If I find some of what I am looking for in someone or something, I can enjoy that. (Knowing it depends on circumstances and may not last.)

And I can also give myself more directly what I need and be my own savior in that way. I can take action, and I can be a better friend and parent to myself and my own experience.

Image by me and Midjourney

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How do I keep my heart open with all the terrible things happening in the world?

Finding it in myself is one path to keeping my heart open.

If I only see it “out there”, it’s difficult to keep my heart open. It’s too easy to go into judgment, separation, self-righteousness, and so on.

If I recognize in myself what I see in others, with concrete examples and viscerally, my heart opens to myself and others.

HOW CAN I DO IT?

The Work of Byron Katie is one of the most effective ways I have found, especially with the guidance of an experienced facilitator. (When done with sincerity and specificity, and allowing ourselves to take in what we find.)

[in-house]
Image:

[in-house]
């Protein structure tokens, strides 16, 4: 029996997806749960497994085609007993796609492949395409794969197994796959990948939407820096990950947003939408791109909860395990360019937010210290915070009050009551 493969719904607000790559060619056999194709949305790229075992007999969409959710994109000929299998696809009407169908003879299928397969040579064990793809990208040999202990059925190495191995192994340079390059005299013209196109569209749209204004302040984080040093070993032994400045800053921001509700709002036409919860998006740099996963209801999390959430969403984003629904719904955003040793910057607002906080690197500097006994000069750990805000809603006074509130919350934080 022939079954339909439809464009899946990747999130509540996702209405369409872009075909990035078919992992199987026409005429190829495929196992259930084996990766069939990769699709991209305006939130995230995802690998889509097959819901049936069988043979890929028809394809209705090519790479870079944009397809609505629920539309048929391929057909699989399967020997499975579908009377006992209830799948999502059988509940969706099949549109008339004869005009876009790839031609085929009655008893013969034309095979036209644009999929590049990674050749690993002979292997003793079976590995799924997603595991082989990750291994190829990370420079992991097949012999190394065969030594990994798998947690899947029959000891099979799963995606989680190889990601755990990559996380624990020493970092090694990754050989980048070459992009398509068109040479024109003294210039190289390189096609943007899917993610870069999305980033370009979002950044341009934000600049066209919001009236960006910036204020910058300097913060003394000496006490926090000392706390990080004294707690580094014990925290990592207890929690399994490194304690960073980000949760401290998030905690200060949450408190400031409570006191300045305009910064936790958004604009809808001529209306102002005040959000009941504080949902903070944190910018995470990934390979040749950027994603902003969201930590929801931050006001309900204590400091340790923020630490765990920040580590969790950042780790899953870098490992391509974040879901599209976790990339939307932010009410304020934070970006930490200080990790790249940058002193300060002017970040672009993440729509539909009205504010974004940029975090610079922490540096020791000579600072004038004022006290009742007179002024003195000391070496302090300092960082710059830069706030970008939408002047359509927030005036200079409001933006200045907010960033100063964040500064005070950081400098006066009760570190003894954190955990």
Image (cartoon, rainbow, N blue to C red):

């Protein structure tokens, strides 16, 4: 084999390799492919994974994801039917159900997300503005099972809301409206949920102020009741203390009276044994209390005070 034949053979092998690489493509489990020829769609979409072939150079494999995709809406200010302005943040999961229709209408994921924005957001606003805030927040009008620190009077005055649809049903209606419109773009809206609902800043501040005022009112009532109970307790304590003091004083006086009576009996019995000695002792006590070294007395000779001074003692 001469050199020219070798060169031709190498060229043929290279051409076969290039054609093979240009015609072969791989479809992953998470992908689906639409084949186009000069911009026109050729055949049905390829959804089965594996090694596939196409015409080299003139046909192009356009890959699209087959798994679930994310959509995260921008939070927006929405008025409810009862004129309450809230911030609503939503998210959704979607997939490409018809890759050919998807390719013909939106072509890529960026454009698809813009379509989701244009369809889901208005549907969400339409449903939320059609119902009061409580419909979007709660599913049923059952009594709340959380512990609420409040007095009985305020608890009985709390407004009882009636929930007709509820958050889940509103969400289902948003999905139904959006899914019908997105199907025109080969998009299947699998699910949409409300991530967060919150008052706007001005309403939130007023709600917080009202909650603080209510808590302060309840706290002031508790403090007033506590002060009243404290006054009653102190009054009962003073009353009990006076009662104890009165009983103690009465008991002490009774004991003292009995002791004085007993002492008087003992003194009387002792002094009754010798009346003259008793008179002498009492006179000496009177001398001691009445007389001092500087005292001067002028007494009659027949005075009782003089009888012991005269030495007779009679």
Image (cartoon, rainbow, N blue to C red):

Tonglen is also effective, as is ho’oponopno.

Other forms of inquiry can also be helpful like the Kiloby Inquiries or even the Big Mind process if skilfully facilitated.

WHY WOULD I WANT TO DO IT?

For me, the answer is that it’s more comfortable.

It’s more comfortable to have an open heart to myself and others.

It also helps me respond with more skill and discernment, and less from reactivity. It makes me slightly less annoying and more effective in the world.

REAL LIFE

Is it easy? No, obviously not.

It’s easy when I feel generally good and somewhat removed from what’s happening, and I am doing these practices in the comfort of my home or a spiritual center.

And it’s not so easy when I am in the thick of it and my own hangups, traumas, and painful beliefs are triggered. Going into my old habitual patterns is sometimes easier, at least for a while until the storm fades and I can relate to things with a little more clarity and kindness again.

That’s part of the process. It’s messy.

I can open my heart to that too – to my own struggle and the struggle of others. There too, we are in the same boat.

Why do we focus on climate change and not global ecological overshoot?

Why do so many focus on climate change these days?

It’s good that ecological issues get attention, of course, and it is an important topic.

At the same time, it is a kind of distraction.

GLOBAL ECOLOGICAL OVERSHOOT

The bigger overarching issue is global ecological overshoot.